12. DHSLXOP

    DHSLXOP Active Member

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    Can't do that...its a community theatre group that is renting space in a community center's multipurpose room/theatre.
     
  13. len

    len Well-Known Member

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    If budget will allow, you could also get 2 sticks of truss and bases, and make towers near the wings. Put the movers on top of the towers. That should run you about $150. Most 250 watt movers will sit fine on top of a piece of 12" square truss. Or you could get some pipe and base for about $20 each and put your conventionals on them and mount the movers on the pipe.

    Getting tree dimmers should be no problem. But you'd also need edison male to 2P&G female adapters. That also shouldn't be a problem if you call a place that rents conventionals. I typically pay $1 each for them when I rent lekos in Chicago.
     
  14. Grog12

    Grog12 CBMod CB Mods Premium Member

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    You could always pull 110 lbs of conventionals off the pipe.....
     
  15. zac850

    zac850 Well-Known Member

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    How is the pipe hung? In general, I wouldn't worry about putting another 110 pounds of stuff on a pipe. I am not giving you rigging advice, because I haven't seen the space or how anything is set-up, but if it is securely hung, 110 pounds isn't all that much.

    I'm trying to figure out what you mean by counterbalancing a dead-hung pipe. If its dead hung, you don't need counter balance, thats the entire point. Just as long as you don't exceed the max load for the pipe, you should be fine. Or perhaps I'm misunderstanding you?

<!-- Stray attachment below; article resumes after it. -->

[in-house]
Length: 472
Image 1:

Note: I am not giving rigging advice, I am not telling you to do this. I am not legally responsible. (there, that should keep the lawyers happy)
     
    Last edited: Mar 3, 2008
  16. DHSLXOP

    DHSLXOP Active Member

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    This is what I think I'm gonna have to do..the only problem is that I will loose like 8 fixtures as front light, so I'm gonna have to put them somewhere else. Now I just need to find a solution to plugging them in without dimmers.
     
  17. JD

    JD Well-Known Member

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    Keep in mind, with movers you need to use a much higher safety factor. (Some manufacturers recommend 10x) Also, they move... so a free swinging pipe may present movement problems even if well within weight limits.

    Add usual disclaimers here _______ ;)
     
  18. Van

    Van CBMod CB Mods Premium Member

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    That's a very good point. One mans "Dead hung Pipe" is often anothers "Chain hung pipe." mounting movers definately requires a static mounting point.
     
  19. DarSax

    DarSax Active Member

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    Could always test it with the Calvin and Hobbes way of doing it, keep adding weight to the batten until it breaks. Then, rebuild it exactly and you know what you have. :D

    Having...seen...movers on a potentially freeswinging pipe, it did not present a problem for when I saw it as far as swing in the pipe. Whether that was safe or not, I couldn't tell you.
     
  20. TimMiller

    TimMiller Well-Known Member

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    I have had plenty of rigs where the truss/battons were swinging because of the movers. Nothing you can do about it but slow your movements down, but when you have 30+ movers on one truss all doing a bally at a rock show, all you can do is let it swing. If the batton is well secured to the appropriate steel, weight shouldnt be a problem. 110 pounds really isnt a lot of weight. I have hung supercycs (180-200 lbs) in quite a few theaters with out any problem, but i do know about rigging. i know in my highschool, it was scary putting one leko onto a batton b/c the thing looked like it was hung with hanging basket chain. It was paper thin (about 1/16 of an inch thick chain)